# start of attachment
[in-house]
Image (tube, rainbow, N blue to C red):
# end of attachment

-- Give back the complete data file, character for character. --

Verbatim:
[in-house]
Image (tube, rainbow, N blue to C red):